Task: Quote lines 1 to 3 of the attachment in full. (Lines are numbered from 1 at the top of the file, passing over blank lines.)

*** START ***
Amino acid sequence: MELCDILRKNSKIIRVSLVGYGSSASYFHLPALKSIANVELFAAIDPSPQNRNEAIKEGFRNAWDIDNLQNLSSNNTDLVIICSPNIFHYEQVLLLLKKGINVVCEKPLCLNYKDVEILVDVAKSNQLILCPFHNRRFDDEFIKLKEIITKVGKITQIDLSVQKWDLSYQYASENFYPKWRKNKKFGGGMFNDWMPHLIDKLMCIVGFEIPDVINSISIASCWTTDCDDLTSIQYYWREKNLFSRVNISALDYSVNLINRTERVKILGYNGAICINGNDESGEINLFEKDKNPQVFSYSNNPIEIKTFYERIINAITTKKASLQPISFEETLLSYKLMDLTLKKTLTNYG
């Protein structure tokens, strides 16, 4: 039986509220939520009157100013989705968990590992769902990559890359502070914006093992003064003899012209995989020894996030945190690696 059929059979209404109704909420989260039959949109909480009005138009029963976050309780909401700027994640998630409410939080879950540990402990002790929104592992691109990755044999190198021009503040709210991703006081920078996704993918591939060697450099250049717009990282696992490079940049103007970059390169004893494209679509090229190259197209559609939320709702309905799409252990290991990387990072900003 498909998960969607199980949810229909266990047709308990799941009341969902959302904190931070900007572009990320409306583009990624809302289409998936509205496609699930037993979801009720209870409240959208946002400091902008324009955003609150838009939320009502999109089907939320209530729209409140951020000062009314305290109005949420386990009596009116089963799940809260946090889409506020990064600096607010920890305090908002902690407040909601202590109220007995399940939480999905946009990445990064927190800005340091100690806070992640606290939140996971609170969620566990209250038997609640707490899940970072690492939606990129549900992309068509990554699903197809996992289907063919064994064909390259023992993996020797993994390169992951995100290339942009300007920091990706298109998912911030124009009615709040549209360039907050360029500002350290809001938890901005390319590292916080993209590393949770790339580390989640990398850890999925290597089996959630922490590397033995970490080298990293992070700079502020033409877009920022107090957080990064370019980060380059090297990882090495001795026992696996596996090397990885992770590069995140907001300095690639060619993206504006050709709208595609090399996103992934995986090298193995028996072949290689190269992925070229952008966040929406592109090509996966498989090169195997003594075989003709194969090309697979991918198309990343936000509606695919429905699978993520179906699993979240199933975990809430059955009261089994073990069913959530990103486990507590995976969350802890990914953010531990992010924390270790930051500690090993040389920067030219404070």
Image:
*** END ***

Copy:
Amino acid sequence: MELCDILRKNSKIIRVSLVGYGSSASYFHLPALKSIANVELFAAIDPSPQNRNEAIKEGFRNAWDIDNLQNLSSNNTDLVIICSPNIFHYEQVLLLLKKGINVVCEKPLCLNYKDVEILVDVAKSNQLILCPFHNRRFDDEFIKLKEIITKVGKITQIDLSVQKWDLSYQYASENFYPKWRKNKKFGGGMFNDWMPHLIDKLMCIVGFEIPDVINSISIASCWTTDCDDLTSIQYYWREKNLFSRVNISALDYSVNLINRTERVKILGYNGAICINGNDESGEINLFEKDKNPQVFSYSNNPIEIKTFYERIINAITTKKASLQPISFEETLLSYKLMDLTLKKTLTNYG
């Protein structure tokens, strides 16, 4: 039986509220939520009157100013989705968990590992769902990559890359502070914006093992003064003899012209995989020894996030945190690696 059929059979209404109704909420989260039959949109909480009005138009029963976050309780909401700027994640998630409410939080879950540990402990002790929104592992691109990755044999190198021009503040709210991703006081920078996704993918591939060697450099250049717009990282696992490079940049103007970059390169004893494209679509090229190259197209559609939320709702309905799409252990290991990387990072900003 498909998960969607199980949810229909266990047709308990799941009341969902959302904190931070900007572009990320409306583009990624809302289409998936509205496609699930037993979801009720209870409240959208946002400091902008324009955003609150838009939320009502999109089907939320209530729209409140951020000062009314305290109005949420386990009596009116089963799940809260946090889409506020990064600096607010920890305090908002902690407040909601202590109220007995399940939480999905946009990445990064927190800005340091100690806070992640606290939140996971609170969620566990209250038997609640707490899940970072690492939606990129549900992309068509990554699903197809996992289907063919064994064909390259023992993996020797993994390169992951995100290339942009300007920091990706298109998912911030124009009615709040549209360039907050360029500002350290809001938890901005390319590292916080993209590393949770790339580390989640990398850890999925290597089996959630922490590397033995970490080298990293992070700079502020033409877009920022107090957080990064370019980060380059090297990882090495001795026992696996596996090397990885992770590069995140907001300095690639060619993206504006050709709208595609090399996103992934995986090298193995028996072949290689190269992925070229952008966040929406592109090509996966498989090169195997003594075989003709194969090309697979991918198309990343936000509606695919429905699978993520179906699993979240199933975990809430059955009261089994073990069913959530990103486990507590995976969350802890990914953010531990992010924390270790930051500690090993040389920067030219404070």
Image: